At a time when investors are eyeing a truce between the strongest economies in the upcoming G-20 summit meeting, Trump administration has dealt a fresh blow to Chinese tech firms. The U.S. Commerce Department has added four Chinese companies and one Chinese institute to the Entity List.
One of the five entities that have been targeted this time is Sugon, China’s prominent supercomputer developer. A few subsidiaries like Higon, Chengdu Haiguang Integrated Circuit and Chengdu Haiguang Microelectronics Technology, which design and develop microchips, have also been banned along with the Wuxi Jiangnan Institute of Computing Technology.
As these companies make their way into the Entity List, U.S. suppliers will be mandated to apply for licenses to provide components to these Chinese entities. These licenses are likely to be subject to strict U.S. export control regulations, and companies will need to justify that the transfer of such items will not jeopardize national security, restricting access to them.
We would like to add that this is not the first time that the United States has used this card in the trade war. On May 15, Trump signed an executive order to declare national emergency. Post the order, the U.S. Department of Commerce announced the addition of Huawei Technologies and its affiliates to the Bureau of Industry and Security Entity List (read: Will Semiconductor ETFs Survive the Huawei Ban?).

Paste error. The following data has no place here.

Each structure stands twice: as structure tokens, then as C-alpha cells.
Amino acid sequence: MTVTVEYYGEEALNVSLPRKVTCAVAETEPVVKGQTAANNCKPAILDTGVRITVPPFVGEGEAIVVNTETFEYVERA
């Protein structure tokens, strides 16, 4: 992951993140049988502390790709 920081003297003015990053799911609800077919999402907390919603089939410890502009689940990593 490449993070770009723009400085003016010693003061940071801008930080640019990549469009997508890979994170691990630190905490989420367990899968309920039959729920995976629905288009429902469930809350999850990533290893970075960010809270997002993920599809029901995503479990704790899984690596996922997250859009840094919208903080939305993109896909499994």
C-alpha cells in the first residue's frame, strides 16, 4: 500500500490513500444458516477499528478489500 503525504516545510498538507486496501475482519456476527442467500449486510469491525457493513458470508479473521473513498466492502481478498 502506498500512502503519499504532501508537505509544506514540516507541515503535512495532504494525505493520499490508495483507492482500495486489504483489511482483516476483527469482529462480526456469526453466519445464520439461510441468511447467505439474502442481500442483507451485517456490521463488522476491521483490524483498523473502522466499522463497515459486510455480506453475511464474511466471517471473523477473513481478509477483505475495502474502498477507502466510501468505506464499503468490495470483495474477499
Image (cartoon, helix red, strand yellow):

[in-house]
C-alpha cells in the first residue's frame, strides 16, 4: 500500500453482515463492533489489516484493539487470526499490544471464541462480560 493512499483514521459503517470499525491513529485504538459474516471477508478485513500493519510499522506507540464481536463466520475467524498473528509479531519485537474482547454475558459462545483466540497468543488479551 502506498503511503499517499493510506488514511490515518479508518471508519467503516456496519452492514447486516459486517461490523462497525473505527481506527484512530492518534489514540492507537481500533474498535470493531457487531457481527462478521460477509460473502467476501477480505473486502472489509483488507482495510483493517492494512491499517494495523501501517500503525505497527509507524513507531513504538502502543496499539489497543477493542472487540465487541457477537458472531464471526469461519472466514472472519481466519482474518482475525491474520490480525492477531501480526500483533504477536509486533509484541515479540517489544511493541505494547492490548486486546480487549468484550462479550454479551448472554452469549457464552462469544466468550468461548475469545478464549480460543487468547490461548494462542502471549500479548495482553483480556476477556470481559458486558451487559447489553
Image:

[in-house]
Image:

Why the Ban?
Per the U.S. Commerce Department, the newly-banned Chinese entities are leading developers of China’s high performance computing. Some of these high performance computing are used in military applications like simulating nuclear explosions.The department has justified the move by stating that the activities of these entities “pose a significant risk of being or becoming involved in activities contrary to the national security and foreign policy interests of the United States.”
It is worth noting that the United States had placed a Chinese organization engaged in supercomputer development with military uses on the Entity List. In this regard, China's National University of Defense Technology was added to the Entity List in 2015.
Interestingly, Sugon and Wuxi dominate China's exascale high-performance computing development to assist military modernization. Paul Triolo, a technology analyst with the Eurasia Group, said that “the technology involved supports such military-related tasks as running nuclear simulations, calculating missile trajectories and hypersonic algorithms.”
Moreover, over the recent years, U.S. and Chinese companies have been vying to reach the top as makers of the world's fastest supercomputers. In this regard, Sugon ranked 63 of the top 500 recently. The company has also been developing a next-generation processor.
Meanwhile, Higan develops integrated circuits, electronic information systems, software and computer system integration, while the Chengdu entities design X86 architecture chips and make integrated circuits.